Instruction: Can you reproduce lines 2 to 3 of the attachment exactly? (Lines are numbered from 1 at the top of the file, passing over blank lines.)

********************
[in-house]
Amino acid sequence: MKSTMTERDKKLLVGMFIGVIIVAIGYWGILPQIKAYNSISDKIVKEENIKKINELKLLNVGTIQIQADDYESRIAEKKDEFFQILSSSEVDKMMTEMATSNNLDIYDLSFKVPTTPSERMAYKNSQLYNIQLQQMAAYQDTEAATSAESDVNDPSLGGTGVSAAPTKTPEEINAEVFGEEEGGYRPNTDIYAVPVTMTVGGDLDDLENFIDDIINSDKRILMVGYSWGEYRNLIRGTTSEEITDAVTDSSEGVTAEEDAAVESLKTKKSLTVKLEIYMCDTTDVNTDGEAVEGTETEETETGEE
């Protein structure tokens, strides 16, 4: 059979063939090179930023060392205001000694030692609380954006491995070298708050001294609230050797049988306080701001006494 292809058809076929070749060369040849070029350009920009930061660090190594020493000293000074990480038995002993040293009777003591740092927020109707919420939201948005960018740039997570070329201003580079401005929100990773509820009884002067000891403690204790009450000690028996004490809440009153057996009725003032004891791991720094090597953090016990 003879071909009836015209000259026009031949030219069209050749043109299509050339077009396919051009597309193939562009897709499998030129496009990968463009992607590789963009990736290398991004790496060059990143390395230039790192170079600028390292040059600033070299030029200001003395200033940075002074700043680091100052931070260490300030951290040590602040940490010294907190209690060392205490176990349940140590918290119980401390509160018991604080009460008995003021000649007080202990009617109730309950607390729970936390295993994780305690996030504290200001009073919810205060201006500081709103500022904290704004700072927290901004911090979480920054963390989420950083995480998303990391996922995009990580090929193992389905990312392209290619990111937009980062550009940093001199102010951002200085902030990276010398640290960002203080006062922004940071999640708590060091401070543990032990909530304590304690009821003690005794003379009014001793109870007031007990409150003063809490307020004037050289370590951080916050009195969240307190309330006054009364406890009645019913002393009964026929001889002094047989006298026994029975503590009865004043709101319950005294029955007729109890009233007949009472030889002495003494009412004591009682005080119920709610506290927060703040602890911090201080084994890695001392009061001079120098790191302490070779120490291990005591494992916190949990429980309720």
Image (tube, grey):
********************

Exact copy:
Amino acid sequence: MKSTMTERDKKLLVGMFIGVIIVAIGYWGILPQIKAYNSISDKIVKEENIKKINELKLLNVGTIQIQADDYESRIAEKKDEFFQILSSSEVDKMMTEMATSNNLDIYDLSFKVPTTPSERMAYKNSQLYNIQLQQMAAYQDTEAATSAESDVNDPSLGGTGVSAAPTKTPEEINAEVFGEEEGGYRPNTDIYAVPVTMTVGGDLDDLENFIDDIINSDKRILMVGYSWGEYRNLIRGTTSEEITDAVTDSSEGVTAEEDAAVESLKTKKSLTVKLEIYMCDTTDVNTDGEAVEGTETEETETGEE
């Protein structure tokens, strides 16, 4: 059979063939090179930023060392205001000694030692609380954006491995070298708050001294609230050797049988306080701001006494 292809058809076929070749060369040849070029350009920009930061660090190594020493000293000074990480038995002993040293009777003591740092927020109707919420939201948005960018740039997570070329201003580079401005929100990773509820009884002067000891403690204790009450000690028996004490809440009153057996009725003032004891791991720094090597953090016990 003879071909009836015209000259026009031949030219069209050749043109299509050339077009396919051009597309193939562009897709499998030129496009990968463009992607590789963009990736290398991004790496060059990143390395230039790192170079600028390292040059600033070299030029200001003395200033940075002074700043680091100052931070260490300030951290040590602040940490010294907190209690060392205490176990349940140590918290119980401390509160018991604080009460008995003021000649007080202990009617109730309950607390729970936390295993994780305690996030504290200001009073919810205060201006500081709103500022904290704004700072927290901004911090979480920054963390989420950083995480998303990391996922995009990580090929193992389905990312392209290619990111937009980062550009940093001199102010951002200085902030990276010398640290960002203080006062922004940071999640708590060091401070543990032990909530304590304690009821003690005794003379009014001793109870007031007990409150003063809490307020004037050289370590951080916050009195969240307190309330006054009364406890009645019913002393009964026929001889002094047989006298026994029975503590009865004043709101319950005294029955007729109890009233007949009472030889002495003494009412004591009682005080119920709610506290927060703040602890911090201080084994890695001392009061001079120098790191302490070779120490291990005591494992916190949990429980309720």